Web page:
The art of radical sensibility of Fiona Apple

The art of radical sensibility of Fiona Apple
  • The Israeli Radical Left, Wright, Fiona
    Brand new
  • Fiona Apple - Fetch The Bolt Cutters (12” Double 180gm Pearl Coloured Vinyl)
    Includes 20-page lyric book and download code
  • The Twelve Knits of Christmas by Fiona Goble, 2011
    Brand new
  • hildegard of bingen the woman of her age fiona maddocks
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  • Fiona Apple - Fetch The Bolt Cutters - Double Vinyl Album - Ex/NrMint
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  • Fiona Apple When The Pawn CD Rare Trip Hop Paper Bag Fast As You Can Limp
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  • Very Good, The Usborne Book of Art Ideas, Watt, Fiona, Hardcover
    Pre-owned
  • The Anthropology of Religion: An Introduction by Fiona Bowie (Paperback, 2005)
    Pre-owned
  • MacDonald, Fiona, Art, Culture and Entertainment: Through the Ages, Very Good, H
    Pre-owned
  • London: Portrait of a City (DECORATIVES ART), Biddulph, Fiona & Weinreb, Ben, Us
    Pre-owned
  • London's Docklands: A History of the Lost Quarter by Fiona Rule (Paperback,...
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  • The Art of True Healing: The Unlimited Power of Prayer and Visualization by...
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  • Watt, Fiona, The Usborne Book of Art Ideas, Very Good, Hardcover
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  • The Classical Sensibility in Contemporary Painting & Sculpture; Art & Design
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  • The Art of The World's Greatest Watercolourists Hardback Fiona & Isla Hackney
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  • Hackney, Fiona and Isla., THE ART OF WATERCOLOURS., Like New, Hardcover
    New (other)
  • The Brief Life of Flowers, Stafford, Fiona, New, Book
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  • The Art of Witch - Hardback NEW Horne, Fiona 01/06/2019
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Fiona Apple wrestled with her dog, Mercy, as a person could wrestle, thankfully, in choppy waves. Apple pulled a purple toy as Mercy, a pit bull boxer mix, grabbed it in her jaws, spinning Apple in circles. Worn out, they collapsed on two daybeds in the living room, in front of an always-on TV. On the first day of my visit, last July, he was on MSNBC, broadcasting a story about Jeffrey Epstein’s Little Black Book.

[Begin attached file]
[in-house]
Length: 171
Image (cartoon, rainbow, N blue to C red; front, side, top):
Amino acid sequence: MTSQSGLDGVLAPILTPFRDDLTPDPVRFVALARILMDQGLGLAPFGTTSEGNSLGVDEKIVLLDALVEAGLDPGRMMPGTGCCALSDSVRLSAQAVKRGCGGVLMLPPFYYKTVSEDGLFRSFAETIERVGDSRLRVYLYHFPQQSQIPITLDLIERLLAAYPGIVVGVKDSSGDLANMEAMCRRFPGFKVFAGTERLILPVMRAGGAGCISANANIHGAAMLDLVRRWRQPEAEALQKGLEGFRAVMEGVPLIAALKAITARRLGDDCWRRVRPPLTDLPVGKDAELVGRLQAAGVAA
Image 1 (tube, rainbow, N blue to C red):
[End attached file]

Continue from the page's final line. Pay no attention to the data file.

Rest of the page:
Today, the forty-two-year-old singer-songwriter rarely leaves her quiet home in Venice Beach, except for an early morning stroll on the beach with Mercy. Five years ago, Apple stopped going to Largo, the Los Angeles location where, since the late 90s, she had regularly performed her thorny and emotionally revealing songs. (Her song “Largo” is still playing on the club’s website.) She had canceled her last tour, in 2012, when Janet, a pit bull she adopted when she was twenty-two, was dying. Still, a lot can go on without leaving home. Apple’s new album, which she had been getting closer to for years, was a touchy subject, and so, in the week I visited, we went and saw on other topics, one of which was her decision, a year earlier, to stop drinking; estrangement from old friends; and his memories of growing up in Manhattan as the youngest child in the “second family” of a married Broadway actor. Near the front door of Apple’s house stood a blackboard on wheels, on which was scrawled the title of the upcoming album: “Fetch the Bolt Cutters.”

One afternoon, Apple’s older sister Amber arrived to record vocal harmonies. In the living room, there was an upright piano, the top was filled with memorabilia, including a plush toucan knitted by Apple’s mom and a photo of Martha Graham doing a backbend. Apple’s friend Zelda Hallman, who had recently become his roommate, was in the sunny yellow kitchen, cooking tilapia for Mercy and for Hallman’s Bernese Mountain Dog Maddie. In the back yard, there was a guest house, where Apple’s half-brother, Bran Maggart, a carpenter, lived. (For years, he had worked as a driver for Apple, which never got a license, and helped manage its tours.) Apple’s father, Brandon Maggart, also lives in Venice Beach; her mother, Diane McAfee, a former dancer and actress, remains in New York, in the building in Morningside Heights where Apple grew up.